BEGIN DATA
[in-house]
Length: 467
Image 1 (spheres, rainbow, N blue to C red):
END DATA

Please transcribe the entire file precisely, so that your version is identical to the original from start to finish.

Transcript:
[in-house]
Length: 467
Image 1 (spheres, rainbow, N blue to C red):